Tom Horn (@guest_164175)
1 year ago
Reply to  captain gort

Hobby is the magic word. If a Newby can’t get that into their head stay far away from the lifestyle or it will Eat Them Alive.

captain gort (@guest_163630)
1 year ago

RVing will be fun…until it isn’t. And what would cause that? When RVing becomes an over-subscribed, over-priced, over-hyped, over-everything activity. And that’s happening right now. Examples are everywhere. For instance, I remember when CB radios were fun…then they got the full “media-mania” treatment (its the American way!) and ruined it. I personally hope the current RV craze falls on its face soon…before it becomes “not fun anymore”. I used to love boating. Now the slip rent is preposterous. I hope the rule of “reversion to the norm” happens and soon.

Tom Horn (@guest_164176)
1 year ago
Reply to  captain gort

Don’t forget OVER TECHNOLOGIED. Talk about getting Eaten Alive. Who would buy a new car and there not be a Tech within your state that could work on it properly?

Bob M (@guest_163628)
1 year ago

I like camping with my travel trailer, but don’t like the trouble or expense of taking my travel trailer to the dealer for warrenty repair or pay $130. hr to have a dealer to repair. Don’t like having to do repairs my self because of poor quality manufacturing. I have not had my Chevy Silverado back to the dealer for any repairs in the 2 1/2 years I owned it. My less than two year old travel trailer has been back to the dealer twice to fix a bunch of things. When I brought it home I noticed the top slide gasket pulled out the top. Bought my 1st travel trailer used. Two years old. The outdoor two burner stovetop fell off the mounting screws. The ceiling panel started falling down. Bedroom cabinet bottom formica was falling down. Found a screw breaking thru the outside fiberglass. Had a night mare trying to get my gas electric fridge troubleshooted and repaired. Should be able to buy an RV and have no trouble for years. Read some of the RV forums before deciding to buy one.

Richard (@guest_163620)
1 year ago

If it sounds terrible, don’t do it. Skydiving sounds terrible to me, I don’t do it.
All the articles and stories of “Challenges” are to make you better prepared for what the RV Life might throw at you. Just like what your parents(should have) told you about life in general. Although I see more and more people appearing to NOT have been raised, at all.
Go forth, being prepared, and enjoy.

SDW (@guest_163609)
1 year ago

I forgot to mention that you better have a lot of money to spend because RVing is not cheaper than staying at home. It doesn’t matter how much an RV cost. Million dollar motorhomes break down just as much as a cheap one. Anytime you drive down our roads today that millions of 18 wheelers have pounded things start to come apart and break down.

john (@guest_163603)
1 year ago

My spouse and I purchased a travel trailer and we visited 48 states in 9 years. We thoroughly enjoyed the travel, but it takes planning, both the route and the food. We planned our route, what we were going to do when we got to an area etc.. To think you can just pack and go is a mistake and in time it is a pain.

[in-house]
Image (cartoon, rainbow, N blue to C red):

To own a travel trailer is a lot of work: driving, rv parks, items that need repair etc. You have to enjoy tinkering with things on the trailer, cooking meals. (in 9 years travel we ate out about 15 times) Even when we hiked we prepared food to take with us. My food was healthier and fresher and cheaper.
Also, RV’s and travel trailers are expensive to own and quality is lacking in many units. One thing to remember is you can not purchase a travel trailer for $20-30,000 and expect it to last years. The cost of repair at dealer’s is very expensive and remember that each dealer is independent and the warranties are not the same as an automobile.
Plan, Plan

SDW (@guest_163595)
1 year ago

Right now, RVing is not a good thing to be doing. The covid problem has created a nightmare in the RV industry. They’re throwing RVs together with cheap made parts of low quality and charging 30% more for them because of the demand. On top of that people who were sent home to work got bored and decided to get an RV and travel because, as long as they had wifi they could work from anywhere. Which has caused campgrounds to fill up and everyone is having to make reservations. I RV’d for 13 years and now haven’t been out in 2 years thanks to this. I never made reservations before and now I have to. On top of that everywhere you turn to take a picture of the scenery you can’t get one without an RV in your pic. Plus because of the demand the price of campgrounds have doubled and tripled. Now if you don’t mind being parked in a crowded campground with a bunch of screaming kids running around, then go ahead. But you could park next to a public school and get the same effect. 🙂

Tom Horn (@guest_164179)
1 year ago
Reply to  SDW

Generator, Solar, plenty of water storage and Lots of batteries will take care of the overcrowding, I Guarantee